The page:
As a public institution, trustees, faculty, staff, and administrators are bound by the state's Ethics law, which defines and prohibits conflicts of interest and includes strong enforcement mechanisms.
The institution demonstrates, through its policies and practices, its commitment to the free pursuit and dissemination of knowledge consistent with the institution's mission and goals.
The college’s foundational policy documents include strong statements supporting academic freedom. The college subscribes to the AAUP's Statement of Principles on Academic Freedom and Tenure. Section 4.600 of the Faculty Handbook states, "It is the policy of The Evergreen State College that no faculty member will be separated from the college because of his/her written or spoken views, according to the guarantees of the First Amendment to the Constitution of the United States. The Evergreen State College subscribes to the AAUP's Statement of Principles on Academic Freedom and Tenure as modified by the college's Faculty Reappointment Policy."
The vice president for Student Affairs notifies new students each year of key college policies, including the Social Contract. Evergreen’s Social Contract has been in place for many years and is widely known on campus. The Social Contract includes a strong statement of academic freedom:
- "Evergreen's members live under a special set of rights and responsibilities, foremost among which is that of enjoying the freedom to explore ideas and to discuss their explorations in both speech and print. Both institutional and individual censorship are at variance with this basic freedom. Research or other intellectual efforts, the results of which must be kept secret or may be used only for the benefit of a special interest group, violate the principle of free inquiry.
- "An essential condition for learning is the freedom and right on the part of an individual or group to express minority, unpopular, or controversial points of view. Only if minority and unpopular points of view are listened to and given opportunity for expression will Evergreen provide bona fide opportunities for significant learning.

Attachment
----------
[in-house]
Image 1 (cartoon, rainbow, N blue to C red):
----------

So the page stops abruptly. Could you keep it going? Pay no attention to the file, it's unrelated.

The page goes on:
- "Honesty is an essential condition of learning, teaching or working. It includes the presentation of one's own work in one's own name, the necessity to claim only those honors earned, and the recognition of one's own biases and prejudices."
The college has reaffirmed these commitments on several occasions during the past ten years. Following the selection of a controversial graduation speaker in 1999, President Jane Jervis resisted nationally-organized pressure to revoke the speaking invitation and used the commencement ceremony as an opportunity to speak on the importance – both to an academic community and to a democratic society -- of hearing from unpopular points of view.
In 2005, in response to events at another university, the faculty passed a resolution reaffirming the value of academic freedom. In response to that resolution, President Thomas L. "Les" Purce published an essay on academic freedom in the local newspaper. The administration’s public statements during times of controversy and protest on campus have consistently sought to reinforce these principles. (See, for instance Dodge, “Evergreen president opens door to protest,” The Olympian, March 6, 2003, and Purce, Astolphi, Minneart, “School presidents stand united against neo-Nazi hatred,” The Olympian, July 2, 2006).
Finally, and most fundamentally, the structures and processes that Evergreen uses to construct and deliver its curriculum reflect a deep and continuing commitment to interdisciplinary inquiry. Evergreen remains committed to supporting its faculty in continuously designing and delivering the curriculum through an extraordinary interdisciplinary effort, without the constraints of academic departments or majors, under the guidance of deans who are chosen from and return to the faculty. We remain “an institution and a community that continues to organize itself so that it can clear away obstacles to learning’s academic work.”
Standard 9 - Findings, Conclusions, Recommendations and Plans
The college and its administration have actively defended academic freedom, in both policy and action. Turnover among faculty and staff, an increasingly complex external environment, and an evolving framework of collective-bargaining agreements, make it important that college policies be clear and up-to-date. The college has begun a comprehensive review and revision of college policies and should follow through on plans to continue with that work.